Modernity, Medicine and Health: Medical Sociology Towards by G. Scambler

By G. Scambler

This e-book establishes the voice of clinical sociology in key debates within the social sciences. referring to modernity, postmodernity, structuralism and poststructuralism concerns coated contain: * sickness and drugs in postmodern instances * gender, well-being and the feminist debate at the postmodern * getting old, the lifecourse and the sociology of overall healthiness and growing old * medication and complementary drugs * demise in postmodernity.

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Second, doctors were also encouraged to examine their own subjectivity. Rather than seeing themselves as superior and distant from their patients, they too, if reflective, would be able to identify their own needs and feelings more clearly. This would not only help in exploring sources of dissatisfaction and frustration, but also in gaining a greater insight into the healing process. By recognizing that illness and the doctorpatient relationship involved a series of ‘offers and responses’ between the parties, rather than the uncovering of an objective reality by the doctor acting as a scientific expert, a more complete view of illness could be produced.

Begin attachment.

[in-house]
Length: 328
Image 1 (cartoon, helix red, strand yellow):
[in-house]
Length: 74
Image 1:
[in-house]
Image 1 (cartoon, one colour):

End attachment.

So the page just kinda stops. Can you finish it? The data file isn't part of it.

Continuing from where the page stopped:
Davison, C. Richards (eds) The Troubled Helix: Social and Psychological Implications of the New Genetics, Cambridge: Cambridge University Press. , Davey Smith, G. and Frankel, S. (1991) ‘Lay epidemiology and the prevention paradox: the implications of coronary candidacy for health promotion’, Sociology of Health and Illness 13(1): 1–19. , Frankel, S. and Davey Smith, G. (1992) ‘The limits of popular lifestyle: re-assessing “fatalism” in the popular culture of illness prevention’, Social Science & Medicine 34(6): 675–85.

In this way, postmodernism challenges the facticity of the human body as constituted in biology or in modern social theory. In place of the biological ‘organism’ or Body-with-Organs, we have a body which may be inscribed by such discourse, a philosophical surface which Deleuze and Guattari (to emphasize its non-biological status) call the ‘Body-without-Organs (henceforth BwO). Foucault’s various genealogies of power, knowledge and the disciplining of the body (1976, 1979, 1984, 1986) describe the inscription of this body by discourse, including those on health and illness.

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